CSE 505 Lecture Notes:
October 10, 1994
Fortran stands for "FORmula TRANslating system".
First proposal: 1954 (at IBM) by John Backus. Work continued for the next
two years; initial release in 1957. At that time, there was much
skepticism about higher-level languages -- Fortran had to be efficient to
These notes primarily concern Fortran IV.
Control structures are based on IBM 704 branch instructions (Backus
initially thought of Fortran as a language for the 704; there would be
somewhat different languages for different machines)
Fortran has an arithmetic if statement ...
IF (EXPR) N1, N2, N3
... which is not that useful (two-way branches more common than three-way).
Later versions of Fortran had a logical if:
IF (A .LT. 5) A=A-1
There could only be a simple statement in the consequent of the IF (but not
a compound statement, such as another IF or a DO loop).
Additionally, Fortran has the GOTO statement:
Note that we can build other control structures from GOTO's:
- computed GOTO:
(30, 40, and 50 are statement numbers)
Drawbacks of the GOTO:
- while loop
- repeat-until loop
- for loop
See Dijkstra's famous letter to the editor: E.W. Dijkstra, "GOTO Statment
Considered Harmful", CACM, 1968 for more on the GOTO controversy.
- not as clear as structured control statements
- harder for compiler to produce good code
- spaghetti-style programming
There have been countless papers and letters since of the form "X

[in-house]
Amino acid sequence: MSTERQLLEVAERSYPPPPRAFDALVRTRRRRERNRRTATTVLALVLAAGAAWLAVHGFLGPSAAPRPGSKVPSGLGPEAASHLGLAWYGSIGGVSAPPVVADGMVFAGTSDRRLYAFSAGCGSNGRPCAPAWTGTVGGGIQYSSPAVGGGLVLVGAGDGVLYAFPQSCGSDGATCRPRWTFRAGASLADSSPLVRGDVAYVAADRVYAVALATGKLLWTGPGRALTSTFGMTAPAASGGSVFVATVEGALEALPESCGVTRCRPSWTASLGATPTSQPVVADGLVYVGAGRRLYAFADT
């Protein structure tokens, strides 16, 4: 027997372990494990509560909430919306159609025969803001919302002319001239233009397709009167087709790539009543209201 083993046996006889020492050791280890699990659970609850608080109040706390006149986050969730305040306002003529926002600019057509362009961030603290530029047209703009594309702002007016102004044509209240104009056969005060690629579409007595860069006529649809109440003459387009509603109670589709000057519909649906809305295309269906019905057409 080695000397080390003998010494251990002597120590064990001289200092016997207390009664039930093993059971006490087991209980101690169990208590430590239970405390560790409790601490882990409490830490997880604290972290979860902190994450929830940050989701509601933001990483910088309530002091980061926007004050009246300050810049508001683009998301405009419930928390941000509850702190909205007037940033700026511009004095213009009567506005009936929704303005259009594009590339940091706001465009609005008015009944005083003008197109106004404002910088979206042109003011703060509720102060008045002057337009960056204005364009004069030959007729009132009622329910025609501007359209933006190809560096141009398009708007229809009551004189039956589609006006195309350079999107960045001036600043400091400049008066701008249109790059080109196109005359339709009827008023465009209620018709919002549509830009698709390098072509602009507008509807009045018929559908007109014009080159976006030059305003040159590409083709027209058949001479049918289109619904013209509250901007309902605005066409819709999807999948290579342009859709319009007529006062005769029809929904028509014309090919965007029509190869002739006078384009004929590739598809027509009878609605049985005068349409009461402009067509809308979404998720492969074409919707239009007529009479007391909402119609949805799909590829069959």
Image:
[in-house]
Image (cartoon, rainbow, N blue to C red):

Considered Y" in imitation, e.g.
Rick Hehner, "DO Considered OD" (about Dijkstra's DO .... OD control
The Structure Principle:
The static structure of a program should correspond in a simple way to the
dynamic structure of the corresponding computation.
Control structures such as WHILE, FOR, and IF-THEN-ELSE support the
structure principle; GOTO's do not.
General Features and Problems of FORTRAN
storage layout: statically allocated (hence no recursion)
data types: fixed, built-in set
optional declarations -- if there is no declaration for a variable, it
defaults to INTEGER if the first letter is I-N, otherwise REAL
- integer, float, double precision float, complex, etc.
This is no longer considered a good idea, since, for example, it
doesn't catch typos in variable names.
declarations local in scope to subroutines, main program
common blocks (anonymous and named) allow sharing among subroutines
common blocks provide a type loophole, since the programmer can have an
INTEGER in one subroutine allocated in the same storage location as a REAL
in another subroutine -- hence FORTRAN is
equivalence statements -- another type loophole
FORTRAN syntax is based on fixed format (punch card influence)
blanks ignored (a mistake)
these statements all mean the same thing:
DO 10 I=1,10
D O1 0I=1,1 0
... but this assigns 1.1 to the variable DO10I!
DO 10 I=1.10
no reserved words (also a mistake)
IF (I) = 1 2 3
IF (I) 1,2,3
... the first statement assigns 123 to element I of the array IF, while the
second is an arithmetic IF statement
major win: algebraic expressions
Evolution to subsequent languages:
- Pascal, Modula-2, Ada, etc.